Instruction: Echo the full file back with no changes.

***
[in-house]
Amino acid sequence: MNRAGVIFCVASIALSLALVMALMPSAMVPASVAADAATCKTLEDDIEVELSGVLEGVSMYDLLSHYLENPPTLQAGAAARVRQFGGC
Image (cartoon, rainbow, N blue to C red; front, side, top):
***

[in-house]
Amino acid sequence: MNRAGVIFCVASIALSLALVMALMPSAMVPASVAADAATCKTLEDDIEVELSGVLEGVSMYDLLSHYLENPPTLQAGAAARVRQFGGC
Image (cartoon, rainbow, N blue to C red; front, side, top):